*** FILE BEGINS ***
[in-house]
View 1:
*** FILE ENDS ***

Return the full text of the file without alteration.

[in-house]
View 1: